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Text frequency does not correlate with priming sensitivity – a response to De Smet and Van de Velde

  • MARTIN HILPERT (a1)
Extract

In their contribution to this special issue, De Smet & Van de Velde suggest that the analysability of a morphologically complex word is an indicator of how easily that word is primed by elements that are formed by the same word formation process. To illustrate, hearing or reading the words roughly, equally and luckily within a short span of time should activate the word formation process of ly-suffixation in the listener's mind, so that the subsequent production of fully compositional ly-adverbs, as for instance permanently or comfortably, should become relatively more likely.

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Bybee, Joan L. 2006. From usage to grammar: The mind's response to repetition. Language 82, 711–33.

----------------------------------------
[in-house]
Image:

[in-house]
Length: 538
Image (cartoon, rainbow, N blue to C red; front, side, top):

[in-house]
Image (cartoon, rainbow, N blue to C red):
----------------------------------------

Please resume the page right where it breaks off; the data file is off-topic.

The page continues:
Davies, Mark. 2004–. BYU-BNC. (Based on the British National Corpus from Oxford University Press). http://corpus.byu.edu/bnc/ (accessed 3 April 2017).
Davies, Mark. 2010–. The Corpus of Historical American English (COHA): 400 million words, 1810–2009. http://corpus.byu.edu/coha/ (accessed 3 April 2017).
Gonnerman, Laura M., Seidenberg, Mark S. & Andersen, Elaine S.. 2007. Graded semantic and phonological similarity effects in priming: Evidence for a distributed connectionist approach to morphology. Journal of Experimental Psychology: General 136, 323–45.
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English Language & Linguistics
  • ISSN: 1360-6743
  • EISSN: 1469-4379
  • URL: /core/journals/english-language-and-linguistics
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